Monday, July 28th, 2008
After I responded to John Zhu’s post about battles lines in the recent ‘curmudgeons’ versus young journalists flap, John left several thoughtful comments. John said in his first comment:
I’ve found that the only way to defeat the resistance and win over the skeptics is to keep at them and continuing to engage them. Can it be frustrating as hell? Yes! Does it always work? Of course not! But it works more often than if you just give up. Treating skeptics as your enemies will in fact turn them into enemies.
I’ll admit it. I first bristled a bit at John’s comment, but as I recommend to other journalists, I never respond to a comment in anger. I bristled because as I said in response:
If there was a moment where I stopped short reading your post, it was because I felt it was a call for digital staff to keep putting out more effort to engage than sceptics. Yes, it’s still the reality we live in, but it’s not a fair or realistic expectation for digital staff to be more magnanimous, especially when we’re often in the weaker political position in our organisations.
And I drew a distinction between sceptics and obstructionists, saying: “I don’t even see this as sceptics versus digital natives conflict. Journalists are all to some extent paid sceptics. I see this as a problem with obstructionists.”
I’m glad I waited to respond until after we had exchanged a few e-mails, and I had a chance to understand where John was coming from. He responded with some really good advice on how to win over the sceptics and not only achieve short term goals but encourage cultural change. It’s a great comment, well worth reading in full. He gives a specific example of project he worked on and the lessons he learned:
- Become intimately familiar with the processes that you are trying to change before changing them.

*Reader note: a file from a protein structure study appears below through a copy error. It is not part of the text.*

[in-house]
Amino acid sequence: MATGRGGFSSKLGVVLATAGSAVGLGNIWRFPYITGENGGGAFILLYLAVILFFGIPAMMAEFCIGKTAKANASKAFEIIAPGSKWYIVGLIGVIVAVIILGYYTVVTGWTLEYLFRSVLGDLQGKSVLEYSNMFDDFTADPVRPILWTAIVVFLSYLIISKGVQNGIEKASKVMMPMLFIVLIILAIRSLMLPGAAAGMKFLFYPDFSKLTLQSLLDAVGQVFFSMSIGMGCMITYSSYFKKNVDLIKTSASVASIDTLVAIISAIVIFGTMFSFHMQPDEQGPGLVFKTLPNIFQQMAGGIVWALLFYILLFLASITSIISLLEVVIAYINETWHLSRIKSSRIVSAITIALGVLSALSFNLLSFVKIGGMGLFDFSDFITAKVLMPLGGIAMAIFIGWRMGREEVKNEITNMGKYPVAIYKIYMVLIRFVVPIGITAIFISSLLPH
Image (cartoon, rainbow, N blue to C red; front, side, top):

- Be sure to get input from the people who will be most affected by the changes you’re considering.
- Do your homework on your plan. The more detailed, the better. Vague pronouncements tend to draw more skepticism for being impractical. Play the role of the skeptic and assault your plan for all its shortcomings so you can anticipate some of the criticism and devise solutions/responses.
- As much as possible, pitch your plan from the perspective of how it will benefit the people who will have to change their routines to make it work. The biggest motivation anyone has for changing their routine is how it will help him/herself (aside from the “do this or your job is in jeopardy” thing, which is a threat, not a benefit). Your plan’s main goal may not be to benefit those people, but as long as it gets their support, who cares?!
- Be willing to make some compromises as long as they don’t jeopardize the major goals of what your plan is trying to do.
Thanks John for sharing some really good advice.
I think one of my biggest challenges in the last few years has been shifting from a journalist with licence and autonomy to innovate to being an editor with management responsibilities. I’m going to keep these tips handy.